- - Sunday, March 2, 2014


In 2013, we had Leonardo DiCaprio snorting cocaine off — well, if you saw “The Wolf of Wall Street” (a totally missable movie, regardless of what the vaunted Academy says), you know where. Cate Blanchett chomped Xanax like they were Tic Tacs, Matthew McConaughey did his yeoman’s share of coke, and “American Hustle” taught us all that drugged-out crime really does pay.

But 2014 looks different. A lot different. Perhaps it’s five years of President Obama. The economy is worse, not better. All those 20-somethings whom millions of Americans have been putting through college the past half-decade are moving back home. Obamacare is turning into Obamascare — no one feels safe, secure anymore. Not much hope for “hope and change.”

So, right on cue, the movies are changing. The excess of the 1980s? Neurotic New Yorkers? Not so much. God is making a comeback, and so are the Bible, faith, religion.

First came “Son of God,” which opened late last month. The makers of the History Channel’s hit 2013 miniseries “The Bible,” which averaged 11 million viewers an episode and was America’s most watched cable show last year, turned the series into a surefire Hollywood hit. (I caught the movie on opening day: At 1 p.m. on a Friday, some 200 people turned out. Some wiped away tears in the final Crucifixion scenes.)

Later this month comes “God’s Not Dead.” “Present-day college freshman and devout Christian, Josh Wheaton, finds his faith challenged on his first day of philosophy class by the dogmatic and argumentative Professor Radisson,” says one description. “Radisson begins class by informing students that they will need to disavow, in writing, the existence of God on that first day, or face a failing grade.”

In a college shocker, Wheaton disagrees, and then “must prove God’s existence by presenting well-researched, intellectual arguments and evidence over the course of the semester, and engage Radisson in a head-to-head debate in front of the class.”

The movie looks, from its trailer, to capture everything we hear about modern-day colleges. Instead, this time, one student takes issue with the nonstop pablum offered by liberal professors and goes head to head with the atheist professor. (It being a Christian movie, it’s safe to put your money on God in this one.) Willie Robertson of “Duck Dynasty” has a role in the movie, which is sure to irk the mainstream media.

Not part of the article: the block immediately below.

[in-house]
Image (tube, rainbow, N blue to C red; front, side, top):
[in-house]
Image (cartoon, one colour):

By month’s end comes “Noah,” a nine-figure-budgeted blockbuster sure to stoke the embers. Even before its release, the film is causing a stir. Just last week, the producers put out this disclaimer: “The film is inspired by the story of Noah. While artistic license has been taken, we believe that this film is true to the essence, values, and integrity of a story that is a cornerstone of faith for millions of people worldwide.”

In April comes “Heaven Is for Real.” Based on The New York Times best-seller, the film features a small-town dad (Greg Kinnear) whose 4-year-old son claims to have visited heaven when he “dies” on the operating table. He meets his miscarried sister and a great-grandfather he never knew. He goes on “to describe the horse that only Jesus could ride, about how ‘really big’ God and his chair are, and how the Holy Spirit ‘shoots down power’ from heaven to help us,” says one description.

In June, there’s “Left Behind,” which “focuses on the hours immediately following the Rapture, when millions of people vanish, and the ones left behind face the chaos around them.” “Exodus” comes in December. It stars Christian Bale as Moses “leading the Israelites from the grips of slavery at the hands of the Egyptian Pharaoh.”

Next year, too. In 2015 comes “Mary, Mother of Christ.” Rumors are swirling that there’s a Cain and Abel movie coming from Will Smith and a Pontius Pilate picture starring Brad Pitt.

Now, perhaps more than ever, or at least of late, people are looking for some sort of meaning. The promise of the Obama years have clearly not panned out. Maybe there’s something more.

Thomas Keating, an associate theater professor at Charleston Southern University, told The Post and Courier that Tinseltown is coming around. “Hollywood realizes that there is a market for these Christian films where they might have been reluctant in the past,” he said. “Now they are willing to make an investment.”

And so are Americans. Looks like 2014 is going to be the year of God. And maybe that’s about time.

Joseph Curl covered the White House and politics for a decade for The Washington Times and is now editor of the Drudge Report. He can be reached at josephcurl@gmail.com and on Twitter @josephcurl.

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